2) Increase the use of existing conservation programs to protect hellbender habitat;
3) Investigate the feasibility of a repatriation/augmentation program for hellbenders in Ohio; and,
4) Continue to conduct mark-recapture surveys to monitor populations, collect demographic and growth data, and provide on-the-ground outreach and early detection of potential threats.
From Surveys to Implementation
More is known about the status of hellbenders in Ohio than any other state, with the exception of Missouri. Due to the widespread decline of hellbenders in the state, action must be taken now to prevent their extirpation.
The Ohio Hellbender Partnership consists of representatives of the Ohio Division of Wildlife, the US Fish and Wildlife Service, several Ohio Zoos (Columbus Zoo, the Wilds, Toledo Zoo, Akron Zoo), the Ohio EPA, local soil and water conservation districts, and college/university researchers and students. We have been meeting regularly since the completion of statewide surveys to discuss strategies for reversing the decline of the hellbender in Ohio.
In conjunction with the Ohio Division of Wildlife and the Ohio Hellbender Partnership, I was the lead author on the Division's "Eastern Hellbender Ohio Conservation Plan." This plan outlines strategies and methods for the conservation and recovery of the Eastern Hellbender in Ohio from 2012-2017. Included in this document are summaries of the historic and current status of the species in the state, as well as recovery goals and objectives. From the plan:
"The goal of hellbender conservation activities in Ohio is to restore hellbender populations to a point where they are no longer in danger of becoming extirpated and can be removed from the list of state endangered species. This goal will be reached when multiple viable (self-sustaining) populations are established in at least six watersheds."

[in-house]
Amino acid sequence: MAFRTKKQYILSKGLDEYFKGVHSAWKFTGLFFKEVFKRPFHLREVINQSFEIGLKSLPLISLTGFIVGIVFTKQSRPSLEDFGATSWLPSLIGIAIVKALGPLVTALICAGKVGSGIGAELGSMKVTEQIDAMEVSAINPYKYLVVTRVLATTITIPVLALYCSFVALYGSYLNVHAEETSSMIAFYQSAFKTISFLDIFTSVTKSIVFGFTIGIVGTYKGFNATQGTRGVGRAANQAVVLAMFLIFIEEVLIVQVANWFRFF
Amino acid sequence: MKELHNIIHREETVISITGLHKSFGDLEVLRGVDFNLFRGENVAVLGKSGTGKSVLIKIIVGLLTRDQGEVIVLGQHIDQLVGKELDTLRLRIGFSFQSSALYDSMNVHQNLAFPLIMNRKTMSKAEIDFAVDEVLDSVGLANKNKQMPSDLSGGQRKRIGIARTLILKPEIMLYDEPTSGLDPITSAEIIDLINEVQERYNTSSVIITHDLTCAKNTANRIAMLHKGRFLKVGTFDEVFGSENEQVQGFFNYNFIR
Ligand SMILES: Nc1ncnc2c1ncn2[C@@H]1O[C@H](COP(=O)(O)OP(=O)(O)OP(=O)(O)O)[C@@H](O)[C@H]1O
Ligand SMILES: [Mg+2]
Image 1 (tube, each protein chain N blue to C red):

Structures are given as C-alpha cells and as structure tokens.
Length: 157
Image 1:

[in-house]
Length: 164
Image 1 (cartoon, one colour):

To reach this goal, the Ohio Hellbender Partnership has embarked on a captive head-starting and repatriation program to return hellbenders to areas where they have been extirpated. In September 2011, Eastern Hellbender eggs were collected from an Ohio stream and transported to the Columbus Zoo and Aquarium for captive-rearing and eventual release back into the wild. This was only the second time a hellbender nest had been found in the state.
In 2012 and 2013, 3- and 4-year old hellbenders collected as eggs from a nest in neighboring West Virginia and reared at the Columbus Zoo became the first hellbenders to be released as part of the head-staring program. The released individuals underwent exhaustive medical screenings to ensure the released animals would not transmit exotic pathogens into their new environment.
Each hellbender was also implanted with a radiotelemetry device so that their fate could be tracked until the following spring.
Egg collection in 2012-2014 resulted in nests being located in five Ohio watersheds. The young from these eggs are now being housed at the Toledo Zoo, Columbus Zoo, and Omaha's Henry Doorly Zoo for head-starting. Over 600 Ohio hellbenders are now being reared in captivity! In 2014, 189 head-started individuals were released, the first time Ohio-sourced hellbenders have been released back into Ohio streams.